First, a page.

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The goal of this article is to teach you how to use price to earnings ratios (P/E ratios). We'll apply a basic P/E ratio analysis to Southside Bancshares, Inc.'s (NASDAQ:SBSI), to help you decide if the stock is worth further research. Looking at earnings over the last twelve months, Southside Bancshares has a P/E ratio of 14.94. That means that at current prices, buyers pay $14.94 for every $1 in trailing yearly profits.
How Do You Calculate A P/E Ratio?
The formula for price to earnings is:
Price to Earnings Ratio = Share Price ÷ Earnings per Share (EPS)
Or for Southside Bancshares:
P/E of 14.94 = $33.11 ÷ $2.22 (Based on the year to March 2019.)
Is A High P/E Ratio Good?
The higher the P/E ratio, the higher the price tag of a business, relative to its trailing earnings. That isn't a good or a bad thing on its own, but a high P/E means that buyers have a higher opinion of the business's prospects, relative to stocks with a lower P/E.
How Growth Rates Impact P/E Ratios
P/E ratios primarily reflect market expectations around earnings growth rates. That's because companies that grow earnings per share quickly will rapidly increase the 'E' in the equation. Therefore, even if you pay a high multiple of earnings now, that multiple will become lower in the future. And as that P/E ratio drops, the company will look cheap, unless its share price increases.
Southside Bancshares increased earnings per share by an impressive 25% over the last twelve months. And it has bolstered its earnings per share by 3.1% per year over the last five years. So one might expect an above average P/E ratio.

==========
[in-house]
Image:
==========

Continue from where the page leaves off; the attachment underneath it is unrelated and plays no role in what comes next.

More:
How Does Southside Bancshares's P/E Ratio Compare To Its Peers?
The P/E ratio indicates whether the market has higher or lower expectations of a company. You can see in the image below that the average P/E (12.7) for companies in the banks industry is lower than Southside Bancshares's P/E.
Its relatively high P/E ratio indicates that Southside Bancshares shareholders think it will perform better than other companies in its industry classification. Clearly the market expects growth, but it isn't guaranteed. So investors should always consider the P/E ratio alongside other factors, such as whether company directors have been buying shares.
Remember: P/E Ratios Don't Consider The Balance Sheet
One drawback of using a P/E ratio is that it considers market capitalization, but not the balance sheet. That means it doesn't take debt or cash into account. Theoretically, a business can improve its earnings (and produce a lower P/E in the future) by investing in growth. That means taking on debt (or spending its cash).
Spending on growth might be good or bad a few years later, but the point is that the P/E ratio does not account for the option (or lack thereof).
Southside Bancshares's Balance Sheet
Southside Bancshares has net debt equal to 46% of its market cap. While it's worth keeping this in mind, it isn't a worry.
The Bottom Line On Southside Bancshares's P/E Ratio
Southside Bancshares's P/E is 14.9 which is below average (17.5) in the US market. The EPS growth last year was strong, and debt levels are quite reasonable. If it continues to grow, then the current low P/E may prove to be unjustified.
Investors should be looking to buy stocks that the market is wrong about. As value investor Benjamin Graham famously said, 'In the short run, the market is a voting machine but in the long run, it is a weighing machine.' So this free report on the analyst consensus forecasts could help you make a master move on this stock.
Of course you might be able to find a better stock than Southside Bancshares. So you may wish to see this free collection of other companies that have grown earnings strongly.
We aim to bring you long-term focused research analysis driven by fundamental data. Note that our analysis may not factor in the latest price-sensitive company announcements or qualitative material.
If you spot an error that warrants correction, please contact the editor at email@example.com. This article by Simply Wall St is general in nature. It does not constitute a recommendation to buy or sell any stock, and does not take account of your objectives, or your financial situation. Simply Wall St has no position in the stocks mentioned. Thank you for reading.